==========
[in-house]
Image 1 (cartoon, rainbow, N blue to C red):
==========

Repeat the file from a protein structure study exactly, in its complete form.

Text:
[in-house]
Image 1 (cartoon, rainbow, N blue to C red):